Even in the world of just Adam and Eve, temptation appeared and a dream ended.
Despite the major consequences, however, they stayed together. There are many blows that a strong relationship can take: crime and punishment, financial turmoil, evolving personalities, the loss of loved ones. Infidelity is a different thing. It occurs almost universally, in weak bonds. It breaks one of the core commitments of that bond. It feels devastating because it’s every earthquake hitting at once.
Unfortunately, infidelity is timeless and pervasive. It is as old and prevalent as monogamy. In my years as a relationship coach, I have encountered many clients in one corner or another of these triangles. And I’ve found that cases generally fall into one of three categories: those where nothing changes; Where everything changes (in the midst of immense pain but also hope); And where the affair turns out to be terminal for the relationship.
Let’s start with the first one. My 37-year-old client, her name is Tina, has been in a loveless marriage for 10 years. There is no romance or intimacy between her and her husband; They co-exist as roommates, and have not had sex for three years.
A year ago, Tina began flirting via text with a man she met at a social event. A flirtation turned into a relationship. After eleven months, she ended the affair. I am helping him heal from the pain of losing this relationship.
Tina can’t explain exactly why she chose to stay in her marriage. Perhaps this is familiar; Maybe it’s because her husband isn’t a bad person. Since he was committed to this bond, he knew he had to end it. But she is determined to return to her marriage because she left it, without communication and attempts at resolution. Her heart breaks, and he sees that something is wrong, but they haven’t talked about what it might be. They seem determined to stick to the old pattern.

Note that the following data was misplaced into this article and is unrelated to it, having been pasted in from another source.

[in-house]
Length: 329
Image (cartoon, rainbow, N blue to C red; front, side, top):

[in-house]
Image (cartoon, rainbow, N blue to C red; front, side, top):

In the second scenario, the love is intact and the pain may be felt even more, but there is hope. A few months ago, I began coaching a client who contacted me after his wife admitted to having an affair. He began by saying that he understood the role he played. He came to these conclusions in therapy. For example, for five years he was only at home, and even when he was he was focused on work. As his career progressed, he allowed his wife to feel smaller and less important. He now wants help rebuilding his bond, from its current state of decay.
From “seeing” and “hearing” his wife to sharing experiences they both enjoy outside the home, we’re working to make sure his wife feels seen, heard and wanted.
In a third scenario, my 40-year-old client is getting back into the dating world. Her marriage ended when she discovered that her husband had cheated on her while working on a shared computer. He was completely blind, she says. And after she read the texts sent from the secret account, she knew there was no way forward for them.
Regardless of the circumstances and the outcome, I agree with psychiatrist Esther Perel, who says that there are lessons to be learned from any incident of infidelity in life. I recommend the help of a counselor, therapist or coach, as this is a difficult journey. As Perel puts it in his book The State of Affairs (2017), it “requires a willingness to descend into the labyrinth of irrational forces.” “Love is messy; mistrust even more so. But it’s also a window, like no other, into the cracks of the human heart. Not just the heart of a cheated man, but of a man left asking: How could this happen to me? It’s imperative to answer that question, Not with any sense of self-blame, but with the goal of never having to ask again.
(Simran Mangaram is a dating and relationship coach and can be contacted at firstname.lastname@example.org)